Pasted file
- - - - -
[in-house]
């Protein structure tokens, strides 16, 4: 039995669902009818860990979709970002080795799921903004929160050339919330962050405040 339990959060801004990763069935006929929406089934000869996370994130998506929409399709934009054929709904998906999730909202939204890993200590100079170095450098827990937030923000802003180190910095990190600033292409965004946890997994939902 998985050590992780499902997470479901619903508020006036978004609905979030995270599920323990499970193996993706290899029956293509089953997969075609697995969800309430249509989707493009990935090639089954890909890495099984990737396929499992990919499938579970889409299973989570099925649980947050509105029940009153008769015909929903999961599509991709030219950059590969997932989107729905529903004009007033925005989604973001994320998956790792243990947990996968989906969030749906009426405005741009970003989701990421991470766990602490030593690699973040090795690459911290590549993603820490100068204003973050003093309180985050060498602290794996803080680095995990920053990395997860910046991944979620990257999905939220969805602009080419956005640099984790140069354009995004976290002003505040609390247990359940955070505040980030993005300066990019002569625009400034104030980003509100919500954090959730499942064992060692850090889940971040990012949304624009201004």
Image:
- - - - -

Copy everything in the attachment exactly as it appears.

[in-house]
């Protein structure tokens, strides 16, 4: 039995669902009818860990979709970002080795799921903004929160050339919330962050405040 339990959060801004990763069935006929929406089934000869996370994130998506929409399709934009054929709904998906999730909202939204890993200590100079170095450098827990937030923000802003180190910095990190600033292409965004946890997994939902 998985050590992780499902997470479901619903508020006036978004609905979030995270599920323990499970193996993706290899029956293509089953997969075609697995969800309430249509989707493009990935090639089954890909890495099984990737396929499992990919499938579970889409299973989570099925649980947050509105029940009153008769015909929903999961599509991709030219950059590969997932989107729905529903004009007033925005989604973001994320998956790792243990947990996968989906969030749906009426405005741009970003989701990421991470766990602490030593690699973040090795690459911290590549993603820490100068204003973050003093309180985050060498602290794996803080680095995990920053990395997860910046991944979620990257999905939220969805602009080419956005640099984790140069354009995004976290002003505040609390247990359940955070505040980030993005300066990019002569625009400034104030980003509100919500954090959730499942064992060692850090889940971040990012949304624009201004």
Image: